A couple of weeks ago I posted that I’d been out for my first run since a series of badly pulled muscles in my back wiped me out for several months. You’ll have noticed a lack of follow up posts. The day after, my back spasmed again, and I was back to square one.
In that spirit, I write warily that yesterday I was back out again. An early morning jog, for a couple of miles (a bit less actually – I have The Fear now), I could feel my back complaining for the rest of the day, especially in those weak areas that have pulled this year, but everything held together. Today, things have been fine.
I clearly need to build up some strength. The problem with being forced to rest for months is that the muscles wither. I was having to be so careful that it’s all weaker than it’s ever been. I figure the best way to build up strength is just to do stuff, but very carefully. Another jog tomorrow morning, then.
I hope to god it holds up, and I can get back into things. The difference yesterday’s run, brief though it was, made to my mood and outlook was just insane. If you were here for Friday’s Freelance Leap post, you’d have been mad not to sense that I was feeling more than a little overwhelmed. One run, and that’s gone. The mood has continued into today, though I’m already itchy to get out again. I’m a different person.
Basically, running keeps me sane. Take that away, and I slowly sink into what can only be described as depression. Frustration eats me up, and lethargy lets it. Everything feels like a struggle.
When I’m running, everything is possible again.
It’s increasingly difficult to believe that I ran a marathon six months ago. I’m not the only one suffering. Andy, Steph and I were chatting yesterday, about what we want to run this year. After Mumbai in January it all seemed pretty clear – we’d do the same again – the Delhi half at the end of this year, and a marathon (probably Mumbai, possibly Tokyo) at the start of next. Six months on, and what seemed like business as usual feels like a mountain to climb. Steph’s knee has never quite recovered from last year’s injury (a dislocated kneecap – she actually ran the marathon on it, and still beat me), while Andy has his own spinal issues that have flared up. Nat-the-boy tore his Achilles heel earlier this year, and when I last saw him a couple of weeks ago was still in a support boot. That’s more than half of the Chanakyapuri Cheetahs in one form of trouble or another. Nat-the-girl (no longer in India, but coming back for the Delhi half) appears to be in good shape, as is Chris. Tommy is more difficult to judge – his race training tactic is to do next to no training until the last minute, then deliver an ace time anyway, so it’s hard to judge.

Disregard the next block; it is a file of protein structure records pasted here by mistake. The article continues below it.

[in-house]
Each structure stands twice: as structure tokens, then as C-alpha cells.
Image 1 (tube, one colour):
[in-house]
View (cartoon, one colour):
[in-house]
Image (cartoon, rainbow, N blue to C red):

We have tried to ignore the fact that four of seven marathoners now have injuries relating to the bits of their body needed to run for long distances, but it’s difficult to wholly disregard the stats. Running marathons may not be very good for you…
Rather than putting me off, this just makes things a bit more challenging.
That’s running for you.